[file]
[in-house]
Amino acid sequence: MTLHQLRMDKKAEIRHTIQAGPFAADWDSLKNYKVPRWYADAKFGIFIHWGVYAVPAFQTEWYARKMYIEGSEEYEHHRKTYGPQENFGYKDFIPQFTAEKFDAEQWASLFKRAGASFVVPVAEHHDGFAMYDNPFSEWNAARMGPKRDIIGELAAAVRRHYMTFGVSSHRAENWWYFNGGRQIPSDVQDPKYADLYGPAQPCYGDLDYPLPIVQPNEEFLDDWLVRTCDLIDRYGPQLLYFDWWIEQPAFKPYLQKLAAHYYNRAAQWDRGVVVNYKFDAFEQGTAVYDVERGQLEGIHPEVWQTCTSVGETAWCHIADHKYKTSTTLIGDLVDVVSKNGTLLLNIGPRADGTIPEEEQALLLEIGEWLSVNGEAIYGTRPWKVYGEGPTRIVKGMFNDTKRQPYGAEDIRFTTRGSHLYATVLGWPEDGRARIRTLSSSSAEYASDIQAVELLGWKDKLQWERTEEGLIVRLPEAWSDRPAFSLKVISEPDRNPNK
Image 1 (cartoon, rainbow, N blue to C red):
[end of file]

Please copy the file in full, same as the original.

[in-house]
Amino acid sequence: MTLHQLRMDKKAEIRHTIQAGPFAADWDSLKNYKVPRWYADAKFGIFIHWGVYAVPAFQTEWYARKMYIEGSEEYEHHRKTYGPQENFGYKDFIPQFTAEKFDAEQWASLFKRAGASFVVPVAEHHDGFAMYDNPFSEWNAARMGPKRDIIGELAAAVRRHYMTFGVSSHRAENWWYFNGGRQIPSDVQDPKYADLYGPAQPCYGDLDYPLPIVQPNEEFLDDWLVRTCDLIDRYGPQLLYFDWWIEQPAFKPYLQKLAAHYYNRAAQWDRGVVVNYKFDAFEQGTAVYDVERGQLEGIHPEVWQTCTSVGETAWCHIADHKYKTSTTLIGDLVDVVSKNGTLLLNIGPRADGTIPEEEQALLLEIGEWLSVNGEAIYGTRPWKVYGEGPTRIVKGMFNDTKRQPYGAEDIRFTTRGSHLYATVLGWPEDGRARIRTLSSSSAEYASDIQAVELLGWKDKLQWERTEEGLIVRLPEAWSDRPAFSLKVISEPDRNPNK
Image 1 (cartoon, rainbow, N blue to C red):